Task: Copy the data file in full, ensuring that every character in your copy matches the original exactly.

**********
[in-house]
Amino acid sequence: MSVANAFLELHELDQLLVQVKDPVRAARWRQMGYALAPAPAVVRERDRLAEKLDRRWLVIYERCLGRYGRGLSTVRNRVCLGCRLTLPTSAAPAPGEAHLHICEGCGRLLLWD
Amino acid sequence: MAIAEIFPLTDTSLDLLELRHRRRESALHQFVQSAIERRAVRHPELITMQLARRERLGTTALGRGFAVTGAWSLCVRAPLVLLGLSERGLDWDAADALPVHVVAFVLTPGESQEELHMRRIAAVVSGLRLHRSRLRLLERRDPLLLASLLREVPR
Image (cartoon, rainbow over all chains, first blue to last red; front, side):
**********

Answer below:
[in-house]
Amino acid sequence: MSVANAFLELHELDQLLVQVKDPVRAARWRQMGYALAPAPAVVRERDRLAEKLDRRWLVIYERCLGRYGRGLSTVRNRVCLGCRLTLPTSAAPAPGEAHLHICEGCGRLLLWD
Amino acid sequence: MAIAEIFPLTDTSLDLLELRHRRRESALHQFVQSAIERRAVRHPELITMQLARRERLGTTALGRGFAVTGAWSLCVRAPLVLLGLSERGLDWDAADALPVHVVAFVLTPGESQEELHMRRIAAVVSGLRLHRSRLRLLERRDPLLLASLLREVPR
Image (cartoon, rainbow over all chains, first blue to last red; front, side):